Display Accessibility Tools

Accessibility Tools


Highlight Links

Change Contrast

Increase Text Size

Increase Letter Spacing

Readability Bar

Dyslexia Friendly Font

Increase Cursor Size

Barney Rosenberg


Barney Rosenberg
Barney Rosenberg

Barney Rosenberg was born in New York City in 1926. In 1944, he left college to join the Army and was stationed in the Philippine Islands for the next 19 months working as a pharmacist.

After WW II, he attended Brooklyn College and graduated in 1948 with a B.S. in Physics. He spent the next year in Zurich, Switzerland, at the Federal Institute of Technology. He received his Ph.D. in physics from New York University in 1955, and was a postdoctoral fellow at NYU's Institute of Mathematical Sciences from 1955-56.

Between 1956-58 he worked at Westinghouse Electric Corporation. as a senior research physicist. Rosenberg joined MSU in 1961, and co-founded the biophysics department with Leroy Augenstein. He was a professor in the biophysics department (1961-1979) and in the chemistry department (1980-1997). In 1982, he founded Barros Research Institute in Holt, Mich., where he directed a diverse range of non-Pt related research projects until his death in 2009.

Saving countless lives – In 1963, while studying the effects electric fields on cell division, Rosenberg noted that Escherichia coli cells did not divide (as expected) but instead grew into long filaments. Recognizing that an agent that could prevent the cells from dividing might be useful in treating cancerous tumors, he began to look for the cause and soon concluded that it wasn’t due the electric field he was using, but a platinum compound that formed in solution when the Pt electrodes he was using oxidized in the solution’s ammonia/ammonium chloride buffer. This conclusion led to the development of cisplatin (cis-[Pt(NH3]2Cl4), which received FDA approval in 1978 and became the most effective and widely prescribed treatment for many cancer diagnoses.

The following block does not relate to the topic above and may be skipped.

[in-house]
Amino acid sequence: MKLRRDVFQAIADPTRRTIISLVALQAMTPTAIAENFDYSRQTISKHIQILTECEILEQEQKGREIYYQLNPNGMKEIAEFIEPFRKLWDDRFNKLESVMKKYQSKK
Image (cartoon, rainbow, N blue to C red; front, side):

Professor Rosenberg had a long and distinguished career and was the recipient of many awards, including: the Cain Memorial Award; the American Association of Cancer Research Award (1983); the Charles F. Kettering Prize given by the General Motors Cancer Research Foundation (1984); the Galileo Galilei (Gold) Medal from the University of Padua, Italy (1987); and the Harvey Prize from the University of Israel (1985).

Location in chemistry building:

Second Floor